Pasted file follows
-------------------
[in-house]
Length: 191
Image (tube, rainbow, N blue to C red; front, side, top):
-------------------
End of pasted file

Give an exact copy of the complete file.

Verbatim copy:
[in-house]
Length: 191
Image (tube, rainbow, N blue to C red; front, side, top):